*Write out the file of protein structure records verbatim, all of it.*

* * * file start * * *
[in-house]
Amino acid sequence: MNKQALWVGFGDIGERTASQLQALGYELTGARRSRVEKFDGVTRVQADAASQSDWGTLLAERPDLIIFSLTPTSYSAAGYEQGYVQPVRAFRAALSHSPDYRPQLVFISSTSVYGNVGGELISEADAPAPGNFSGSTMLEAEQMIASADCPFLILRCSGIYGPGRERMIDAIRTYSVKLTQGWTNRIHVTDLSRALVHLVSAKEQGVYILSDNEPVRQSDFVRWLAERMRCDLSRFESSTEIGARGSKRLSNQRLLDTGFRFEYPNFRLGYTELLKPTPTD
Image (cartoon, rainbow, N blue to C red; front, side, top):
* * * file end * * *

[in-house]
Amino acid sequence: MNKQALWVGFGDIGERTASQLQALGYELTGARRSRVEKFDGVTRVQADAASQSDWGTLLAERPDLIIFSLTPTSYSAAGYEQGYVQPVRAFRAALSHSPDYRPQLVFISSTSVYGNVGGELISEADAPAPGNFSGSTMLEAEQMIASADCPFLILRCSGIYGPGRERMIDAIRTYSVKLTQGWTNRIHVTDLSRALVHLVSAKEQGVYILSDNEPVRQSDFVRWLAERMRCDLSRFESSTEIGARGSKRLSNQRLLDTGFRFEYPNFRLGYTELLKPTPTD
Image (cartoon, rainbow, N blue to C red; front, side, top):